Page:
How Technologies are Mapping the Way to Climate Resilience

Despite the constant global concern regarding climate change, many companies still fail to realize its impact on their business. But, luckily, some ventures take this issue seriously, seeking new ways and technologies to stay effective while preserving the environment. The use of modern tech allows such companies to stay productive and build revenue despite the changing climate conditions. Hence, such enterprises become climate-resilient, which is critical in today’s world.

But what are these technologies they use? There are a variety of innovations on different markets, catering to most world industries. Most of them rely on geospatial data that is analyzed by advanced algorithms to pull out the necessary data on any changes in the Earth’s cover. For instance, it could be a farming software or a forest monitoring app that offers users invaluable data on changes that occur on the site, including climate-related ones. Let’s get into more detail on what geospatial data means before discussing its role in building climate resilience.

What is Geospatial Data?

Geospatial data (GD) is any information that is tied to locations, features, and events happening at a particular time at a specific place on the Earth. GD combines location information (coordinates), attribute information (object characteristics), and temporal information (time at which the location and attribute data exist). The volume of such data is growing at a staggering pace, as it is predominantly created not by people but by a wide range of devices. They are generated by smartphones, tablets, satellites, digital cameras, as well as radars, sensor networks, and various types of transport. As the trends of the Internet of Things and the Industrial Internet pick up growth, the volume of geospatial data will grow even more intensively than it does now. Further geospatial data analysis enables unmatched changes detection, allowing for tracking climate change patterns and much more.

Geospatial Data Use Cases

Here are some of the most common purposes geospatial data is used for.

Smart Water Resources Management

Water infrastructure is quite expensive to build and maintain, making its correct management a significant key to effective and sustainable water use. Geospatial data analysis aids in water resources management, water treatment, and water supply. Used by companies that manufacture, supply, and process water, it helps make critical decisions about water intake by analyzing satellite imagery.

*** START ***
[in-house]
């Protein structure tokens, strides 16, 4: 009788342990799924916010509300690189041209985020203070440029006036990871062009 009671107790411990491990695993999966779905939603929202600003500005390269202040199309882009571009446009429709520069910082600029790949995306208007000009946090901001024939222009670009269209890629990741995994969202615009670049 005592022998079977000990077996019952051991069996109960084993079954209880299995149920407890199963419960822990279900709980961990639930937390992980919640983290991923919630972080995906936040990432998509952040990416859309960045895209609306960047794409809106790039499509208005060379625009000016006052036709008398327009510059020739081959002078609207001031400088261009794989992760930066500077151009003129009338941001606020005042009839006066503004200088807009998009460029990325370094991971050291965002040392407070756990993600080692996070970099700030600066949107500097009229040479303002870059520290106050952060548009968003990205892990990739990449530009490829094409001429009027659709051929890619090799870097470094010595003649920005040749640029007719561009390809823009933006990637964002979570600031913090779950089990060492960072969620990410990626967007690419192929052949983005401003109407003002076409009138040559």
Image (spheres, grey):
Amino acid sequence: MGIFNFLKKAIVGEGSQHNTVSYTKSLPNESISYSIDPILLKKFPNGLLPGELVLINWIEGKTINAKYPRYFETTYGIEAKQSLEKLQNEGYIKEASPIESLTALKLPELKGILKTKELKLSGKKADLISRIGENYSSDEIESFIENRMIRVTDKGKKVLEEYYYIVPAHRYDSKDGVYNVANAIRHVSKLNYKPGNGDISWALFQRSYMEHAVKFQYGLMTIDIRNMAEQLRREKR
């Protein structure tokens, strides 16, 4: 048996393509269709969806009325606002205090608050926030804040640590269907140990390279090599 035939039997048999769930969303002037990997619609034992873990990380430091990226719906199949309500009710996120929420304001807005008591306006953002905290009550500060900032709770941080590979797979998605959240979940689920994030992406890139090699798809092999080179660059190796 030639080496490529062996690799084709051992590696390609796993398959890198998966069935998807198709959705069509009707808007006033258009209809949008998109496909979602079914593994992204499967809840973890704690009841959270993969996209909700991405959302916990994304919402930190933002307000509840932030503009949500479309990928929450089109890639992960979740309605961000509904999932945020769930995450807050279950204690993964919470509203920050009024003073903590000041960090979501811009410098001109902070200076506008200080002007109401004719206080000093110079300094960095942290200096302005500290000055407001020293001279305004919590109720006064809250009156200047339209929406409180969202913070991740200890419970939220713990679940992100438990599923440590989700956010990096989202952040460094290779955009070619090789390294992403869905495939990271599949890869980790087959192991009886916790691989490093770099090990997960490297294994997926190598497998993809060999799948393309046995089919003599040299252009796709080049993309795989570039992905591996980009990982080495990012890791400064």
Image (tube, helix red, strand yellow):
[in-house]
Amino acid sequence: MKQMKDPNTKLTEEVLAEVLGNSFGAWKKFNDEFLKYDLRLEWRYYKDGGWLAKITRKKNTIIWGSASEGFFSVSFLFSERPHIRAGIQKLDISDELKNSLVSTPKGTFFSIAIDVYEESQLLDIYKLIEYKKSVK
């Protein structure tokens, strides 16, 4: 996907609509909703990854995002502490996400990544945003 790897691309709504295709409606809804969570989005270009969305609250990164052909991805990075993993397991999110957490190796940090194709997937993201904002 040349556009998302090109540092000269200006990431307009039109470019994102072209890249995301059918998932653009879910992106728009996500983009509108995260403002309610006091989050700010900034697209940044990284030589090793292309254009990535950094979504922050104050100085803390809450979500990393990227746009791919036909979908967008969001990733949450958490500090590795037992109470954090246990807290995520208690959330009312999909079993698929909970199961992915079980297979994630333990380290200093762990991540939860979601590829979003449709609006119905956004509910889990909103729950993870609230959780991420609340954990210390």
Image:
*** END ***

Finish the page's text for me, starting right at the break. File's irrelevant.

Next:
Risk of Natural Disasters Evaluation

Most damage from natural disasters could have been prevented with better awareness of the population and property at risk, the environmental risk factors in the area, and the signs and dynamics of specific hazards. Geospatial data allows for retrieving the necessary information from weather and earth observation satellites, communications satellites, and satellite positioning technologies to enable environmental risks evaluation and analysis.

Vegetation Analysis Around Power Lines

LIDAR (Light Detection and Ranging) geospatial data from aerial vehicles and satellites allows for remote buildings and trees height measurement across huge territories. This information is of great help in combating such climate-related risks as wildfires, for example. To eliminate the threat of these risks happening, utility companies could also identify areas vulnerable to fires by visualizing vegetation growth and its state-based on geospatial data.

What is GIS?

GIS is a geographic information system for the input, storage, search, analysis, and output of geographically referenced data. Essential elements of GIS are attributes, that is, additional information related to the GD. There is also the concept of “data layers” – a combination of attributes and coordinates. For example, a map with objects applied to it can act as a layer. Analyzing geospatial data is also called spatial analytics. It is used to get answers to questions about the world: current situation at a given point or the vector of changes associated with various factors, with modeling and forecasts.

GIS in Climate Change Resilience

Here are some ways GIS can be used to build climate resilience:

  • Location of areas with thermal abnormalities
  • Detecting connection between natural atmospheric processes and global warming
  • Tracking connection between global warming and ecological changes in different regions
  • Visualization of factors threatening to the environment and the particular industry

Ultimately, geospatial data and modern tech for its collection and analysis are great tools for governments and organizations in creating climate resilience based on reliable, relevant, and accurate information.

For additional information please visit the Local Digital Business.

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